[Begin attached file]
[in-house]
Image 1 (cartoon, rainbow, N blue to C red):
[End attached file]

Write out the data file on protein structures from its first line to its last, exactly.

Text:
[in-house]
Image 1 (cartoon, rainbow, N blue to C red):